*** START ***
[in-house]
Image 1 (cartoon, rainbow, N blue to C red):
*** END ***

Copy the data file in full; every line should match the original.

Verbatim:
[in-house]
Image 1 (cartoon, rainbow, N blue to C red):